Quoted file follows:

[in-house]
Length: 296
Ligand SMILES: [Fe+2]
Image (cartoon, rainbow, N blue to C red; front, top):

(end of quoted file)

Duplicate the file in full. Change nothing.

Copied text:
[in-house]
Length: 296
Ligand SMILES: [Fe+2]
Image (cartoon, rainbow, N blue to C red; front, top):